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Short answer: I don't think he did.
I think they're over-interpreting.
What the president did was extend for two years (think: election cycles) his existing, unilateral policy of deeming people whose insurance was cancelled in 2013 due to Obamacare to have experienced a "hardship" -- a policy that effectively exempts them from the individual mandate penalty.
But under the hardship waiver policy promulgated by the federal Department of Health and Human Services (HHS), people have to apply for a waiver, provide documentation showing that they actually meet one of the criteria on HHS's list, and secure formal approval from HHS.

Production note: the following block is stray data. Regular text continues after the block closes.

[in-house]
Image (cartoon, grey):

A number of commentators have pointed to the fact that the hardship waiver criteria list is long and open-ended (the last item says merely, "You experienced another hardship in obtaining health insurance. Please submit documentation if possible"); so yes, a lot of people could try to evade the individual mandate by submitting vaguely worded, undocumented claims. But again, approval is up to the bureaucracy. (Think: Lois Lerner.)
Should the mandate be delayed?
Absolutely -- by Congress, not the president (who has no authority to do so).
In fact, the GOP-led House of Representatives has voted to delay it on three separate occasions (President Obama and the Democratic Senate opposing them each time).
The record is clear: a solid, bipartisan majority of the House wants to delay Obamacare's individual mandate.
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